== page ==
6 out of 10

Cruel Post-Modernist Send-Up

I sometimes wonder, how long is it before the engineer's test card is made into a film? Give any programme on TV 30 to 40 years, and it inevitably becomes a major movie. Wind the clock back that time from now and maybe it helps to explain the renaissance of Gerry Anderson's creations. For if their "South Park" was Charlie-Brown-gone-wrong, then Trey Parker and Matt Stone's "Team America" is surely "Thunderbirds" after a bad accident at the cutting room.

Rather than a secretive rescue operation, Team America is an organization that is out to take down terrorists gung-ho style, guns ablazing to the strains of "We're America, Fuck Yeah". And whilst they bligthely cause more damage to the world's cultural heritage than the terrorist would have, (destroying the Eiffel Tower, La Louvre and the "Arc De Triumph" in the process of saving Paris) everyone (curiously with Bush excluded) in any camp or view is not safe from the cruelty of the send-up comedy, from weapons inspector Hans Blix to contraversial documentary director, Michael Morre. Everywhere, Parker and Stone just slip the knife between the shoulder blades as subtlely as a Medicii assassin. Most amusing of all is Kim Ill Jong, North Korea's cruel dictator who is protrayed as some sort of James Bond villian, yet treats us to his one of the songs for which Trey and Stone are so rightfully renown, "I'm So Lonely". With backing from a small time Broadway actor, Gary, the Team America squad, led by Spottiswood, must take on Jong and his friends in FAG (Film Actors' Guild), a group of whinning, liberal Hollywood actors including Alex Baldwin, Morgan Freeman and Matt Damon..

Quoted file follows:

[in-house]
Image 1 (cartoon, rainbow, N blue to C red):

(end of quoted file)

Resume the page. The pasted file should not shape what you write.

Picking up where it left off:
Performed entirely with puppets, every fundamental fault with Thunderbird characters is amplified, for instance, as Team America going into combat they are still discussing their relationships and all the Arab terrorists come from "Daka Daka Land". Able to laugh at itself, Team America is finely crafted piece of post-modernism, and yet, it remains at heart, a one-joke movie and well before it's 107 minutes is up, one can't but help keep looking at one's watch.

Too Much Of A Good Thing at 107 Minutes!

Film Critic: Robert L Thompsett